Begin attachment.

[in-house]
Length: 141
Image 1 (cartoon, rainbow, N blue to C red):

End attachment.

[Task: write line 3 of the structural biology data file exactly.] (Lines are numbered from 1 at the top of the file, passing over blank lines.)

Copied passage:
Image 1 (cartoon, rainbow, N blue to C red):